Living Woodlands was created by brothers Colm and John Galvin who want to transform forestry plantations into community woodlands
Help support Living Woodlands transform forestry plantations into community woodlands
By I Love Limerick Correspondent Ann Mc Donald
Living Woodlands is a social enterprise founded by brothers Colm and John Galvin.
“We want to transform existing forestry plantations into complex natural woodlands for the benefit of all,” John explained.
Their vision is to see forestry plantations all over Ireland being transformed into community woodlands. They believe that people are part of the natural ecosystem and need to be involved in its restoration and protection.
Each woodland will have a space where people can come together to reconnect with nature through permaculture projects, organic gardening, nature-based learning, forest playgrounds, and more.
To make this vision a reality, Living Woodlands are asking people to help them buy a degraded 20-acre forestry plantation in Co. Clare so that it can be turned into a vibrant community woodland, which can then be replicated around the country.
They will thin a section of the existing coniferous trees and plant 3,000 native trees to help restore the overall health of the ecosystem. They want the local and wider community to get involved in turning this dark and inaccessible site into a flourishing community woodland.
“We use a ‘close to nature’ forestry system guided by an ecological plan. We never clear-fell the trees, and the carbon that’s stored beneath the forest is never released. Instead, we carefully thin the densely planted rows of trees, allowing more sunlight onto the forest floor which will allow for natural regeneration to occur. In turn, this increases biodiversity, allowing more native trees, plants, and animals to flourish. We actively involve people in the process, creating thriving community spaces,” John explained.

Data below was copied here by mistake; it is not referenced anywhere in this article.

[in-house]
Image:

Ireland has less than 1% of its native forests left, yet has endless coniferous plantations which are not going away, and Living Woodlands wants to change this.
“Ireland is currently suffering from a biodiversity crisis, and the current system is making this worse. We have so few natural woodlands in Ireland, we’ve forgotten how important the health and wellbeing benefits are for us. And we believe that this is a resource that should be available for everyone,” Colm said.
According to the government’s National Forestry Accounting Plan, the coniferous trees may be releasing more carbon into the atmosphere than they store. As well as this, Ireland is facing a biodiversity emergency, and the current forestry system is making this worse according to a recent National Parks and Wildlife Service report.
People in Ireland also have very little access to natural woodlands in Ireland and have almost forgotten how important they are for the health and wellbeing of our communities.
Living Woodlands hope to solve these problems by transforming existing plantations over time into natural and complex woodlands. While this approach will be a new one for Ireland, it has been successfully practiced in Europe for decades.
They have already developed a project in partnership with Tait House Community Enterprise to plant a Tiny Forest in the heart of Southill in Limerick. This urban greening initiative will bring the benefits of a native forest into the inner-city community.
“We want to offer people a practical way of making a difference by helping to transform and create natural woodlands where we can all reconnect with nature,” Colm said.
Providing access to nature is a key part of the Living Woodlands ethos as they believe it is essential that people and communities can avail of the physical, mental and social benefits of these pockets of wild nature.
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